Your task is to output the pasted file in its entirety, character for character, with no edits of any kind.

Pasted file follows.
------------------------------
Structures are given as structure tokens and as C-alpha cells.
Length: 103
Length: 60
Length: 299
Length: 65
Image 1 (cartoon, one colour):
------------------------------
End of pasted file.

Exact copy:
Structures are given as structure tokens and as C-alpha cells.
Length: 103
Length: 60
Length: 299
Length: 65
Image 1 (cartoon, one colour):